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This is a basic question that I can't answer (it's not a homework assignment). A reference would be perfectly acceptable.

Consider a $[0,k]$ valued random variable X distributed binomially so that:

$$\text{Pr}[X=i]=\binom{k}{i}/2^k$$

It's clear that we can sample from $X$ in poly($k$) time using $k$ random bits. The basic question is if it's possible to do better if I'm only interested in approximate sampling.

For example, if I'm interested in sampling from any $Y$ so that $|X-Y|<\epsilon$ (in statistical distance), can I do this in randomized time poly($1/\epsilon$) (i.e., with $1/\epsilon$ random bits)?

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To exactly sample from the binomial distribution on $\{0,1,\cdots,n\}$ requires $n$ random bits. However, we can approximately sample with $O(\log(n/\varepsilon))$ bits, where $\varepsilon$ is the statistical distance from binomial we allow.

Let $$a_0=0, ~~~~a_{k+1}=a_k+{n \choose k} \cdot 2^{-n} ~~~~(k \in \{0,1,\cdots,n\}).$$ We can sample exactly from the binomial distribution by sampling $x \in [0,1)$ uniformly and then picking $k$ such that $x \in [a_k,a_{k+1})$. The probability of picking any given $k$ is thus $$\mathrm{Pr}_x[k]=\mathrm{Pr}_x[x\in[a_k,a_{k+1})] = a_{k+1}-a_k = {n \choose k} \cdot 2^{-n}.$$

We will sample approximately by sampling $\tilde{x} \in \{ 0, 1/m, 2/m, \cdots, (m-1)/m \}$ uniformly and then picking $k$ such that $\tilde{x} \in [a_k,a_{k+1})$. This requires $O(\log m)$ bits of randomness. We have $$\mathrm{Pr}_\tilde{x}[k]=\mathrm{Pr}_\tilde{x}[\tilde{x}\in[a_k,a_{k+1})]=\frac{\lceil m a_{k+1} \rceil - \lceil m a_k \rceil}{m}=a_{k+1}-a_k \pm \frac{1}{m} =\mathrm{Pr}_x[k] \pm \frac{1}{m}.$$ So the difference between the probability of $k$ under exact sampling and under approximate sampling is at most $1/m$. Summing over all $k$, we have that the statistical distance is at most $(n+1)/m$. Setting $m=O(n/\varepsilon)$ ensures that the approximate sampling is $\varepsilon$ statistically close to binomial.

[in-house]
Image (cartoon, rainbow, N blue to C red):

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  • $\begingroup$ Thanks! This achieves the right amount of randomness, but is it clear how to implement the "picking the k such that $\tilde{x}\in[a_k,a_{k+1}]$ step" in poly($\log (n/\epsilon)$) time? $\endgroup$ – user22935 May 15 '14 at 6:17
  • $\begingroup$ Unfortunately, I think it would take poly(n) time to evaluate this. Maybe, if we approximate the binomial coefficients, rather than compute them exactly, it can be made more efficient. I'll think about it. $\endgroup$ – Thomas supports Monica May 15 '14 at 6:29
  • $\begingroup$ But if you preprocess the lookups (since $\tilde{x}$ is drawn from a fixed set) you can find the $k$ in essentially constant time via hashing. Or at least it shouldn't take more than $\log m$ time. $\endgroup$ – Suresh Venkat May 15 '14 at 6:59
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Using the alias method you can make do with $\lceil \log_2 (k+1) \rceil + 2$ bits on average. In preprocessing you prepare a table of length $k+1$ in which each cell is partitioned into two parts by some threshold $\theta_i \in [0,1]$, and the "lower" and "upper" parts are labelled by outcomes. To sample, you first choose a uniformly random cell $i$, and then you sample (mentally) a uniformly random real in $[0,1]$, and compare it to the threshold, choosing either the lower label or the upper label accordingly. If you sample the real bit by bit, then at every point you have a chance of 1/2 to have determined whether you're above or below the threshold, so the total number of bits used is $\lceil \log_2 (k+1) \rceil + G(1/2)$.

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